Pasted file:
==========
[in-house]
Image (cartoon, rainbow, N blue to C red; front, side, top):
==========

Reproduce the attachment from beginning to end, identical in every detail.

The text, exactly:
[in-house]
Image (cartoon, rainbow, N blue to C red; front, side, top):